or Memphis-style sauces, but then the chile powder, raw chiles, and red pepper make their presence known, and it’s “Katie, pass the ice water.” (See Scoville pepper rating below)

Hawaii Sauce—Similar to California, but more of a “sweet and sour” kind of sauce is popular here. Islanders use pineapple, mango, and papaya juice both as a tenderizer—leave a steak in papaya juice overnight and it’s good-bye steak—and sauce base. They add soy and fresh or ground ginger, Asian five-spice powder, lemon juice, rice vinegar, and molasses, and come up with delicious, fresh fruity-flavored sauces. They’re great on poultry and chicken, but there is NO BBQ sauce that tastes good on poi.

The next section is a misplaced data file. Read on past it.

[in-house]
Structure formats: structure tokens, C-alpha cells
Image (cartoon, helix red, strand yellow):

Pacific Northwest SauceTwo things influence sauces up in the Pacific Northwest. First, is the abundance of fresh (really really fresh, like right out of the Columbia and onto a grill) salmon. The second is the abundance of really, really fresh berries—primarily blueberries, raspberries and marionberries.


There are several commercial bottling companies that make a fantastic line of fruit BBQ sauces, and with the predominance of roadside stands selling “just-picked” berries, it’s easy for anyone to grab a handful of berries, put them in a saucepan with some spices (garlic, salt, pepper, paprika, savory, cumin, etc.) and whip up sauces which are heavenly on chicken, turkey, and just about any fish filets or steaks.


And, as long as we’re talking about fish, nowhere in the country do people have as much opportunity to buy right-from-the-river (or ocean) salmon. Since most commercial barbecue sauces or most-tomato based sauces would overpower the subtle taste of the salmon, the folks from Gold Beach, Oregon to Birch Bay, Washington have cleverly developed some marinades and sauces especially for this marine treasure.